Professor C. Greig Crysler holds the Arcus Chair for Gender, Sexuality and the Built Environment. The chair is named for the Arcus Foundation, a private philanthropic organization founded by CED Department of Architecture graduate Jon Stryker, that advances social justice and conservation issues internationally. As Arcus Chair, Crysler leads an overlapping program of teaching, research and service concerned with activism and the spatial politics of urban life. Two seminars act as exploratory frameworks for Crysler’s research on activism. In the Fall semester, he offers Spatial Politics and the Global City. In the 2016-17 academic year, the course focuses on dispossession, ranging from landscapes of foreclosure and ecologies of risk, to those of legal exception, graduated citizenship and the “undercommons.” The course examines the intersections between neoliberalism and the governmentality of debt, ecological change, and transformations in the public sphere (with specific emphasis on the public university) over the last four decades. Processes of dispossession are traced into urban and architectural conditions defined by displacement, abandonment, and privatization, and examined in relation to the spatial responses of the “new public art,” and a wide range of approaches commonly grouped under “design activism.” The seminar, open to all graduate students and advanced undergraduates, is at once a laboratory for rethinking the relationship between theory and practice; a comparative inquiry into the role of space and creative agency in contemporary political dissent; and a context for speculation on the role of ethics in the global present.
Crysler’s second teaching initiative connects diverse, interdisciplinary arguments about queer culture and aesthetics to design, through an innovative series of public events entitled Differences Beyond Recognition (DBR). This programming seeks to contribute to public debate and discussion in the CED about diversity, equity and multiculturalism, by exploring the relational, interconnected and hybrid qualities of cultural identities and their relationship to design. The events are typically anchored around a one-unit colloquium (open to all students and faculty) occurring in the first five weeks of each semester. A film series and related workshops led by Crysler frame lectures by prominent practitioners from diverse fields whose work investigates interconnections between space and the politics of cultural difference in ways that challenges received assumptions and creates openings for new forms of creative practice.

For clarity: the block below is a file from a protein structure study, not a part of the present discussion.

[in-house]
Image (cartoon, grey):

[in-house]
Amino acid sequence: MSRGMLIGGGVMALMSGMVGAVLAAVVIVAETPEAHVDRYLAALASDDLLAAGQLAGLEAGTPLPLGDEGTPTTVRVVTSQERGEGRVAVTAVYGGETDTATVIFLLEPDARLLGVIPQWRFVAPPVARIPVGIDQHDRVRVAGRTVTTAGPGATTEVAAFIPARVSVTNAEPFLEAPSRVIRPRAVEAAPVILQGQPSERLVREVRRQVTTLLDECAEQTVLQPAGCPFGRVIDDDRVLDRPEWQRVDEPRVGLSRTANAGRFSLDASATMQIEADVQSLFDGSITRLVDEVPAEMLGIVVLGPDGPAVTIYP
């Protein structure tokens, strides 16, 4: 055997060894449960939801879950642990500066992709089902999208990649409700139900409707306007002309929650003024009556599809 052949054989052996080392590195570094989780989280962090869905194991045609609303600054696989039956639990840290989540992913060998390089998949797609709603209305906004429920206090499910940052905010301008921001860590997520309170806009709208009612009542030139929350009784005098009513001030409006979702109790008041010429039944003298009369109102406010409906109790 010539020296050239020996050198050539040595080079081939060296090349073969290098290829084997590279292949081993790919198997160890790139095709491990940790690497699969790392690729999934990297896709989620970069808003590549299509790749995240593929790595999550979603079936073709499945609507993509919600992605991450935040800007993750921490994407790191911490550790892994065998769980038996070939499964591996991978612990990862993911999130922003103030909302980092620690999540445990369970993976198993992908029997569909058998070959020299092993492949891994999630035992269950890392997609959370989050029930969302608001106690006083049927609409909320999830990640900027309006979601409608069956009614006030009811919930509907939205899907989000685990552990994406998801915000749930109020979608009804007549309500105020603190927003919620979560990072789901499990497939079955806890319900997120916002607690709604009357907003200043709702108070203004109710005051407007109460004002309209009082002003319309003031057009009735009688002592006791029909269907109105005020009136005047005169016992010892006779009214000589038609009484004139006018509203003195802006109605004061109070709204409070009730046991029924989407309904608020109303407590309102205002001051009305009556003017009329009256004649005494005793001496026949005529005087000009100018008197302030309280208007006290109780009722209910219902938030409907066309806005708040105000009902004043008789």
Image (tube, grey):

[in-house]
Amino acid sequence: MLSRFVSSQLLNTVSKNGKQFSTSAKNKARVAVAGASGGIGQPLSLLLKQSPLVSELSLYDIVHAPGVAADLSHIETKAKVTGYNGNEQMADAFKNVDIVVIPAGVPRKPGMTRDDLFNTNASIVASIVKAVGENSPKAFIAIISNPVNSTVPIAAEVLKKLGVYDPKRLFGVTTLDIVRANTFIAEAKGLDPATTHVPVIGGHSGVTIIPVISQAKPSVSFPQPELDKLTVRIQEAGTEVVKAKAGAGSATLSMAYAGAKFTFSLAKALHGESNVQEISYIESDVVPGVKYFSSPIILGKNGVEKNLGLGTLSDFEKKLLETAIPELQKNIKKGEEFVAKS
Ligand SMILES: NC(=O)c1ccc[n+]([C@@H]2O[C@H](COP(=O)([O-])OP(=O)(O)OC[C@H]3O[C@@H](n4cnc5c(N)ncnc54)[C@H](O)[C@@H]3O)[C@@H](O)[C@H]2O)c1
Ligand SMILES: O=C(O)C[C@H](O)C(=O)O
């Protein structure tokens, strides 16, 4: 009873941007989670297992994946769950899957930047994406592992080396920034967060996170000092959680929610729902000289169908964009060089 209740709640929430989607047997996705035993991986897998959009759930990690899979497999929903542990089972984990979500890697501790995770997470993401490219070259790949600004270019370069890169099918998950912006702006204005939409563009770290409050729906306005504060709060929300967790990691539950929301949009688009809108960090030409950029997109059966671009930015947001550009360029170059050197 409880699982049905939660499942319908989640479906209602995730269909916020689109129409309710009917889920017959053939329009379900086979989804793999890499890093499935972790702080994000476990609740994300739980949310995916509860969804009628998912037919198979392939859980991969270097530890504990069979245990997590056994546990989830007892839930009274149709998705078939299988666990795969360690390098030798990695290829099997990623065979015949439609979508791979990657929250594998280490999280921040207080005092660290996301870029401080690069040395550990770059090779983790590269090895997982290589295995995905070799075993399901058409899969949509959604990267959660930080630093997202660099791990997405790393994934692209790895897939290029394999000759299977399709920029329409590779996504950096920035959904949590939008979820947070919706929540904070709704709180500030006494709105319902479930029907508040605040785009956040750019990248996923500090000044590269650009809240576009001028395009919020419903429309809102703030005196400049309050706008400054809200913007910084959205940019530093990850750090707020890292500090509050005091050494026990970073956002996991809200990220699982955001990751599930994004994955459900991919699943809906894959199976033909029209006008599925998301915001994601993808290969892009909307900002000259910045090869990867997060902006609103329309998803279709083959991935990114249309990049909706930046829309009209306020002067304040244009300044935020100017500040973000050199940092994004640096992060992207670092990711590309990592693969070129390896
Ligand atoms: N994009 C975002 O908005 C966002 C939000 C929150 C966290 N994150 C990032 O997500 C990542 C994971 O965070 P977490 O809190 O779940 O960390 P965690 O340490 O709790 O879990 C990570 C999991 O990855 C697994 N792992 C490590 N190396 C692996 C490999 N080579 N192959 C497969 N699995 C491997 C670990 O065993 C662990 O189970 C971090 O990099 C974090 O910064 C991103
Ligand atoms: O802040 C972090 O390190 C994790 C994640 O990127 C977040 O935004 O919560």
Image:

The colloquium was launched in the Spring of 2014 with a sequence of events on queer space and the postcolonial condition. A lecture by the noted author Manil Suri (Professor, University of Maryland, Baltimore County), and a discussion of his 2013 novel, City of Devi provided the focus for film screenings and a workshop that expanded on the issues raised by his urban satire of queer life, nationalist politics and religion in Mumbai, India. The novelist, architectural educator and critic Lesley Lokko, (Associate Professor, University of Johannesburg) and Shari Stone-Mediatore (Duvall Professor of Philosophy, Ohio Wesleyan University, and a specialist on the politics of knowledge), explored the epistemologies and aesthetics of difference in Suri’s novel, and considered their potential for creative thinking in design. In the 2014-15 academic year, the colloquium connected recent arguments about the Anthropocene, “posthuman” environments and queer ecologies. A series of films and artworks that examine the overlaps between marginalized populations and degraded or threatened landscapes will be discussed in the context of larger debates on ecological politics, led by the critical theorist Adrian Parr (UNESCO Chair of Water Resources at Ohio State University), and Bay Area environmental artists and filmmakers with interests in queer ecologies.